- Will they be there when you’re likely to need them? You will want to select an executor who you think is likely to outlive you, and whose geographic location doesn’t limit their ability to administer your estate.
- Do they have the required knowledge and expertise? If your estate is complex, your executor may need special expertise to carry out their duties effectively.
- Are they willing and able to assume the liabilities associated with acting as your executor? If your executor fails to carry out their duties with the care and skill expected of an executor, they may be held personally liable for any losses — so it is important to select an executor who will act professionally and will seek appropriate assistance as required.
If this list seems daunting, note that you aren’t required to pick a single individual or even a group of individuals as your executors. Instead, you can appoint what’s known as a “corporate trustee” to act as your executor.
A corporate trustee is typically a trust company whose primary function is to provide executor and trustee services. This can be a good choice if you’re worried about whether acting as an executor might be overly burdensome to an individual you would otherwise consider for this role.
Why it matters where your executor lives
When you’re choosing an executor, whether that’s an individual, group or trust company acting as a corporate trustee, it’s important to ensure they are resident in Canada. That’s because if you have a non-resident executor, the Canada Revenue Agency might decide your estate is non-resident too, leading to potentially negative tax consequences. If you think this issue might affect you, a qualified tax advisor can help you sort out your next steps.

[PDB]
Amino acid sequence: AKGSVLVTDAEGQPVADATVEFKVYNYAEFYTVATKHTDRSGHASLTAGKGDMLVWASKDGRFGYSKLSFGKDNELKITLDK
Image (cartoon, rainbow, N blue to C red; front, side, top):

How MD Private Trust Company can help
As you can see, the list of duties to be performed by an executor can be long and onerous, especially if you have corporate or other complex assets. One option you might consider is to select MD Private Trust Company (MD Private Trust) to act as your executor — or co-executor with others you choose.
MD Private Trust is federally licensed to act as an executor or co-executor and as an agent for executor services (if you’ve been named an executor and want help with that responsibility) and trustees. The professionals at MD Private Trust regularly work with incorporated physicians and have the knowledge and ability required to professionally manage your affairs.
To learn more about MD Financial Management’s estate and trust offerings, contact an MD Advisor* and find out how we can help.
* MD Advisor refers to an MD Management Limited Financial Consultant or Investment Advisor (in Quebec), or an MD Private Investment Counsel Portfolio Manager.
Estate and trust services are offered through MD Private Trust Company.
1 An “executor” is called a “liquidator” in the province of Quebec and an “estate trustee” in the province of Ontario.
The above information should not be construed as offering specific financial, investment, foreign or domestic taxation, legal, accounting or similar professional advice nor is it intended to replace the advice of independent tax, accounting or legal professionals.